26 March, 1801.
The very respectful, affectionate, and obliging address, which has been presented to me by the President of the Senate and Speaker of the House of Representatives, by your order, has awakened all my sensibility, and demands my most grateful acknowledgments.
As the various testimonials of the approbation and affection of my fellow-citizens of Massachusetts, which have been indulged to me from my earliest youth, have ever been esteemed the choicest blessings of my life, so this final applause of the legislature, so generously given after the close of the last scene of the last act of my political drama, is more precious than any which preceded it. There is now no greater felicity remaining for me to hope or desire, than to pass the remainder of my days in repose, in an undisturbed participation of the common privileges of our fellow-citizens under your protection.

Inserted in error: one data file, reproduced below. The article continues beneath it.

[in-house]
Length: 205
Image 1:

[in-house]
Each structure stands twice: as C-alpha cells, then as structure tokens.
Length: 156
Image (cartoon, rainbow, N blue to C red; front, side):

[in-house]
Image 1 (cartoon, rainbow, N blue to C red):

The satisfaction you have found in the administration of the general government from its commencement, is highly agreeable to me; and I sincerely hope that the twelve years to come will not be less prosperous or happy for our country.
With the utmost sincerity, I reciprocate your devout supplications, for the happiness of yourselves, your families, constituents, and posterity.
Printed Source--The Works of John Adams. ed. Charles Francis Adams. 10 vols. (Boston, 1850–1856)..